Mauritius: Follow-up to MUS37126.E of 11 June 2001 on the treatment of unmarried Muslim women who live alone, without the protection of immediate family members
|Publisher||Canada: Immigration and Refugee Board of Canada|
|Author||Research Directorate, Immigration and Refugee Board, Canada|
|Publication Date||15 August 2001|
|Citation / Document Symbol||MUS37727.E|
|Cite as||Canada: Immigration and Refugee Board of Canada, Mauritius: Follow-up to MUS37126.E of 11 June 2001 on the treatment of unmarried Muslim women who live alone, without the protection of immediate family members, 15 August 2001, MUS37727.E, available at: http://www.refworld.org/docid/3df4be754.html [accessed 26 January 2015]|
A representative of Women Living under Muslim Laws (WLUML) stated in 13 August 2001 correspondence that:
The general situation of Muslim women in Mauritius would to the outsider or even to most Mauritians appear to be good as there is no official public ban on them to work or go out. However, this is only part of the reality. Yes, Muslim women work in offices, factories, sugarcane fileds as well as in the top professions – there is also an increasing number (no figures available) who work in family businesses under the control of the men of the family; no one knows their exact economic position. The great change which has occured over the past ten years, i.e since the establishment of the Hizbullah party, is the dress code, most Muslim women now wear the head scarf and a significant minority are completely veiled.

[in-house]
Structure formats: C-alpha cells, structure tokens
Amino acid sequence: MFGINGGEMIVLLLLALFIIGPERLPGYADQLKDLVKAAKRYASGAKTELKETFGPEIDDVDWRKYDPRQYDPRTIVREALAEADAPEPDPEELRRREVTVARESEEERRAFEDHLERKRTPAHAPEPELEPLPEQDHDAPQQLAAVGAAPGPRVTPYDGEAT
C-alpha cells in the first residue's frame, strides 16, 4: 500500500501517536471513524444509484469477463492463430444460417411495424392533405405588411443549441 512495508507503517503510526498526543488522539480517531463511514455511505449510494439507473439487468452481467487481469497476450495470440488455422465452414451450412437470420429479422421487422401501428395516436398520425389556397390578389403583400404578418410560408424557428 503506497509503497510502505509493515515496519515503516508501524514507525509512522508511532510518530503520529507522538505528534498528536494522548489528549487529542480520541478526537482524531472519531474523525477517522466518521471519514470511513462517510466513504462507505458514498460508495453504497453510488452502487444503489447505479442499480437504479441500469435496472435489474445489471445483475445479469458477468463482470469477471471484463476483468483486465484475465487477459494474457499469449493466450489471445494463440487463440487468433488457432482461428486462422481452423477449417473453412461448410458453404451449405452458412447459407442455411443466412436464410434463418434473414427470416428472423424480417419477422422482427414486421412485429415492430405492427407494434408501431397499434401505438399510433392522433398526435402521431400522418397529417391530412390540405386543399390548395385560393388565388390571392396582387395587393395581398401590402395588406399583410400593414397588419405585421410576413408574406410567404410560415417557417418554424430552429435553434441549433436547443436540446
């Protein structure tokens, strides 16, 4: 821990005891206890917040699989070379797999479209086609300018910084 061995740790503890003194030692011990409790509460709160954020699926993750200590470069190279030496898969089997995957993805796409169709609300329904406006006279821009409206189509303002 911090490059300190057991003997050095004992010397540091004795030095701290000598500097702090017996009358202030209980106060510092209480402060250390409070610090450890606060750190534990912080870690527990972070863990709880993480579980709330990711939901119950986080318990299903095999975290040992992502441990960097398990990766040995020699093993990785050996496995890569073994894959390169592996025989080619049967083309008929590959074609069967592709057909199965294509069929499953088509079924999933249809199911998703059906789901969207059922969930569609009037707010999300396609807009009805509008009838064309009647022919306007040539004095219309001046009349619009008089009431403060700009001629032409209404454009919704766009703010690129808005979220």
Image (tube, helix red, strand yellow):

The Muslim community is becoming a very closed community and, of course, women's freedom and ability to meet others are quite restricted. They tend to spend their life (after work) inside the family. They do not mix with others, do not go out on their own or with friends, they are always seen with members of their family. Yes, members of the Muslim community would discourage, if not sanction, living alone or without the 'protection' of family members. [There are] highly qualified Muslim women who will never dare visit [other women] or going out with a group of women friends – they are afraid of their husband, father, brothers and other male relative.
This Response was prepared after researching publicly accessible information currently available to the Research Directorate within time constraints. This Response is not, and does not purport to be, conclusive as to the merit of any particular claim to refugee status or asylum.
Women Living Under Muslim Laws (WLUML). 13 August 2001. Correspondence with representative.